As companies grow, the need to strategic establish implementation processes to help you scale to meet your business goals becomes inevitable. We've all reached a place in our role when the way we used to do things no longer works and we have to innovate. Necessity becomes the mother of invention - there's really no way to avoid it in a healthy growing company.
The truth remains, however: implementing new processes at work is hard. It's some of the most difficult work that teams do. Some teams struggle with change itself - it pushes people out of their comfort zone and sometimes there is resistance. Other teams struggle to develop the processes themselves - they can't agree on the best way to proceed to improve the business process. Even if you can define a new process and make some headway on changing people's mindsets, there is still the uphill battle for implementing the key processes that turn plans into action. Management teams can help their employees to implement a new business process in five simple ways to maximize their implementation efforts.
Here are some patterns for successfully implementing a new process company-wide:
Implement the process with a clear objective
Or, as Stephen Covey says, begin with the end in mind. Starting with an Objective Statement is a great way to understand what process you are trying to establish, how you are going to go about it, and what result you are trying to achieve. This should clearly define the business process that needs to be updated and the business reason why it needs to be done. This establishes clear goals and objectives to determine a common vision around the new process you are trying to implement.
Get process input from across the organization
Most processes touch multiple departments. For example, the process around how the Finance Team handles expense submissions impacts Sales, Production, Exec team, etc. Gain input from those teams on how the new process might make things easier for them, get them paid faster, etc. Not only do they feel heard, but they are more likely to see the value of the new process and become early adopters. This isn't just the human resources, strategic management or the senior management team's sole responsibility - all of the cross-functional team members should be represented in the implementation plan if you really want to gain a competitive advantage.
Clear communication of the implementation process
Once a new process improvement has been established, it must be clearly communicated. Lead with the value the new process will provide to the company and all of the affected teams. Make the steps clear so later the team is comfortable holding each other accountable to following them. Make them aware of the long term benefits of making the change. This isn't just changing for the sake of change - the planning process to both the short term change management and long term strategic implementation to better the company's ability to achieve their 3-5 year strategic plan. The key to strategy execution is to have the right business process in place to continual drive progress towards your goal and making adjustments to that plan as more data becomes available. This needs to be mentioned face to face at weekly meetings, then followed up by an email to implement the new process.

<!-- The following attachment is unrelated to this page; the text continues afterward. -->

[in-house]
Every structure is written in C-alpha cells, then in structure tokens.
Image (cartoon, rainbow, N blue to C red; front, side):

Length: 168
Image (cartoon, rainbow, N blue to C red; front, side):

Drive new business process adoption
The most successful process implementations have one person who clearly owns it as a priority, and they are in charge of the entire project management of the key components of implementing the new process. Ideally, if it is a company-wide new process, a member of the executive team would own the overall adoption priority to assist the implementation strategy. Executive sponsorship can be extremely helpful in driving adoption to get the projected implemented successfully. This needs to be part of your performance management metrics so that you can make sure that your process implementation is having the desired effects.
Don't be afraid to make adjustments to the process
As with any priority, you will learn things as you begin the execution phase. If any part of the new process isn't working, have an open dialogue and make any necessary adjustments. New management processes will only take hold if they truly provide the value as described in your original Objective Statement. Did implementing the process increase efficiency as expected? Did you surpass your goals? Did you fall short? What can you do now with the new data available to improve? Start implementing those processes changes and continue working! You'll get better each time you through this process implementation framework.
Following these steps sets the stage for the successful development and implementation of any new process in your organization. Successful strategy execution involves constantly improving business processes that align with your management system. Go forth and conquer!
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